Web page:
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Can a parent unreasonably restrict parenting time in Minnesota?

When a couple decides to end their marriage, it is rarely an easy decision. If there are children involved, emotions can run even higher and the divorcing couple must figure out a way to end their legal marriage and maintain their biological relationship with their children. Child custody therefore can often be the most contentious aspect of divorce.

Minnesota differs from many states in the way it deals with parenting time. Firstly, as per the Minnesota Statutes, the court has to grant parenting time that will allow the parent and the child to maintain a relationship that is in the best interests of the child. To this end, the statute further goes on to stipulate a rebuttal presumptive minimum for parenting time - where there is no evidence provided to the contrary, a parent is entitled to receive at least 25 percent of the parenting time for the child.

Parenting time can be restricted if the court finds that a parent has unreasonably failed to keep up with the parenting time that the court has ordered. Part of the court's analysis will also be if one parent is helping foster a relationship between the child and the other parent. This means they can also consider a parent's conduct if it seems they are intentionally trying to alienate a parent from the child. For this purpose, they can also consider emails, texts and voice messages.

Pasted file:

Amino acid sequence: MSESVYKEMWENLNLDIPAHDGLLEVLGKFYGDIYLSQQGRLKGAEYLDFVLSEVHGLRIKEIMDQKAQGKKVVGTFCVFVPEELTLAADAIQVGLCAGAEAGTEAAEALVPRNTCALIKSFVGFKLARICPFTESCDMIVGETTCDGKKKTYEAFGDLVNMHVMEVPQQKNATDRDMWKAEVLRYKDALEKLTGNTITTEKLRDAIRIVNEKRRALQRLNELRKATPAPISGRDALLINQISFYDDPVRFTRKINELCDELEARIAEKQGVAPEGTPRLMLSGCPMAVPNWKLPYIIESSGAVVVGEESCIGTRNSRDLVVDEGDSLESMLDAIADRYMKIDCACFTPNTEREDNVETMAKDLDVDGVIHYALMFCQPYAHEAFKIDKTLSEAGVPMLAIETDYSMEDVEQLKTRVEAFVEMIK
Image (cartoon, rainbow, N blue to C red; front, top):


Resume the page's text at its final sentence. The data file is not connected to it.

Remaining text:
Even though emotions can be running high during a divorce, ultimately parents want the same thing the court is aiming for - a determination that is in the best interests of the child. The court considers many factors when making a child custody determination relating to parenting time, and consulting an experienced attorney may be one way to ensure you can present all the evidence required to ensure your parenting time is not restricted unreasonably.

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